Price: £13,000 - £20,000 (est)
On sale: July
You'll like: Spacious accommodation in a sharp-looking body
You won't: Changes still don't make the Altea a genuine MPV
It'll be all change in Seat showrooms this summer – as well as the revised Leon, you'll also find a new version of the Altea.
Like the Leon, the revised Altea has new bumpers, a redesigned grille and reshaped headlights. At the rear, the lights and badge are different, while a new, deeper window gives better visibility. However, the biggest changes are inside, with a new steering wheel, redesigned instrument cluster and a selection of different trim colours.
Under the bonnet
There's news in the engine line-up, too, where the headlines are taken by a new common-rail 2.0-litre turbodiesel also introduced to the Leon. Available across the range, it gives every version of the Altea (standard, XL and Freetrack) a healthy turn of speed, as well as impressive flexibility and good fuel economy.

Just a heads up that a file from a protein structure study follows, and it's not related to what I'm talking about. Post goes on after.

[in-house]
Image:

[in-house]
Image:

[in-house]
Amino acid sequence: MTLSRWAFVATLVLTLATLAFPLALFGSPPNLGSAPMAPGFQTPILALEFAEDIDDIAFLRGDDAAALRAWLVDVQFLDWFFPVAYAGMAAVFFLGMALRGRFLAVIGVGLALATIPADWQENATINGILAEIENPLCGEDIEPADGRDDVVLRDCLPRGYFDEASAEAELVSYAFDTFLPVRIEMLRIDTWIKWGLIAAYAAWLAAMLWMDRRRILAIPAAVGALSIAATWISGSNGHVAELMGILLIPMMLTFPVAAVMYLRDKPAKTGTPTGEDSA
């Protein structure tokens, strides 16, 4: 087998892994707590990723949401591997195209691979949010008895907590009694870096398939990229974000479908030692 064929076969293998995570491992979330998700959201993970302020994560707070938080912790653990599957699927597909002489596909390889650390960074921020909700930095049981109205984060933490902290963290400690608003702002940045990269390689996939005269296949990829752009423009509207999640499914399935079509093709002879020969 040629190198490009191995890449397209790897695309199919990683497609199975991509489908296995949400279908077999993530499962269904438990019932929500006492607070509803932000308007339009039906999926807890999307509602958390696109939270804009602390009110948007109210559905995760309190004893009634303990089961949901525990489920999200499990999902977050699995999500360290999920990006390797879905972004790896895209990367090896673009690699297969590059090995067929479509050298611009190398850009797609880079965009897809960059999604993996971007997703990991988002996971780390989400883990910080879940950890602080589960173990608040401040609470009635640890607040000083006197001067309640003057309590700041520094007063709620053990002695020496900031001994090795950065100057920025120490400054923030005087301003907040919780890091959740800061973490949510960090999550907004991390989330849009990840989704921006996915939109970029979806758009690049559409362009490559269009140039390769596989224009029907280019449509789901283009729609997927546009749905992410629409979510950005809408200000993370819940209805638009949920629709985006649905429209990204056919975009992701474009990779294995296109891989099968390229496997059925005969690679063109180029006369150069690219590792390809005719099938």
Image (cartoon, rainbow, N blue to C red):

The 207bhp 2.0-litre petrol engine also reaches the Altea, but only in the four-wheel drive Freetrack model. With a sub-eight-second 0-60mph time, this makes a suitably sporty flagship for the Altea range, which is a decidedly sporty take on the compact MPV theme.
On the road
For the type of car it is, the Altea has always been surprisingly good to drive, with fine grip and nice balance through bends, and the good news is that none of that has changed.
Likewise, the revisions do nothing to damage the flexibility on offer: the Altea remains a spacious five-seater, with a sliding rear bench that allows you to juggle passenger and luggage space; the XL version gives you more of both, and the Freetrack gives you the extra versatility of four-wheel drive.
However, the Altea still makes more sense as a large hatchback than a full-on MPV.
Still a sporty and stylish alternative to a conventional MPV.
Our reviews are based on hard data and thorough testing in the real world.
Up to the minute news from around the globe